The Pacific Health Center suggested that these people have been staying away from the sunlight because of the growing fears with skin cancer. This is not technically heliophobia, but simply an unfounded and illogical solution. Obsessive compulsive disorder, if it includes an intense fear of being harmfully affected by exposure to the sun or to bright lights, can also cause heliophobia. It should be noted that forms of heliophobia based on such irrational fears can cause the sufferer to eventually develop a fear of being in public or a fear of people in general by association, as a crippling fear of bright light can significantly limit the places a heliophobe can comfortably visit, as well as prevent that person from going outside during the daytime, when most other people are active.
Other medical conditions such as keratoconus (an eye disorder that results in extreme optic sensitivity to sunlight and bright lights) and porphyria cutanea tarda, which causes the skin to be overly sensitive to sunlight to the point of causing blisters, can result in heliophobia if the sufferer begins to associate pain and discomfort with bright lights.
Sufferers may cover themselves with long, protective clothing or carry a sun parasol when going outdoors during the daytime, or simply never go outdoors at all when the sun is out, depending on the severity of the fear. Since sufferers stay indoors more than non-sufferers, it will make them more prone to becoming vitamin D deficient, as well as depression caused by a combination of vitamin D deficiency, isolation and feelings of alienation from other people, and a continuously dark environment. However, a vitamin deficiency can be helped by taking vitamin D supplements or by consuming vitamin D fortified foods.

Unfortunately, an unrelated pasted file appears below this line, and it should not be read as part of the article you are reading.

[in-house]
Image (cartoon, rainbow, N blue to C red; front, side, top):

The symptoms of heliophobia depends on the person. Mild sufferers may feel uncomfortable, shaky, nauseated, or numb. Severe sufferers may feel anxious or suffer panic attacks. Other symptoms include heightened senses, lack of focus, feeling trapped, irregular heartbeat, air hunger, rapid breathing, parched mouth, sweating, muscle cramps, and physical discomfort that is not actually caused by bodily injury, but is a physical manifestation of the panic and fear that the heliophobic person experiences when exposed to light. This physical pain may be expressed, for example, as a phantom sensation of their skin burning under direct sunlight, even when it is visually apparent that their skin is not actually burning any more than healthy skin would as a result of sun exposure, but nonetheless still feels like real pain for the sufferer.
Heliophobia can be treated using talk therapy, exposure therapy, self-help techniques, support groups, cognitive-behavioral therapy, and relaxation techniques. For people who are severely heliophobic, anti-anxiety meditation is a recommended mode of treatment.
- Heliophobia was considered a "telltale sign" of stereotypical vampires and other fantasy creatures such as ghosts, orcs, etc.
- There was a short-lived magazine Heliophobe (three issues, 1994–1996), described as "a not-so-sexual fetish magazine exclusively devoted to pale-skinned women".
- Heliophobe is the title of a 1997 album from German rock band Scumbucket.
- This phobia is seen in the American sports comedy film The Benchwarmers.